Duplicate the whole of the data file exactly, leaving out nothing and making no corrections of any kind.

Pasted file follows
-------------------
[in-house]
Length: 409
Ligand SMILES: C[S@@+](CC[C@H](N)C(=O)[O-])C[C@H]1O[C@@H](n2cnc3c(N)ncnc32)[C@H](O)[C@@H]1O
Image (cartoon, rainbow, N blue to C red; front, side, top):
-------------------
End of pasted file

[in-house]
Length: 409
Ligand SMILES: C[S@@+](CC[C@H](N)C(=O)[O-])C[C@H]1O[C@@H](n2cnc3c(N)ncnc32)[C@H](O)[C@@H]1O
Image (cartoon, rainbow, N blue to C red; front, side, top):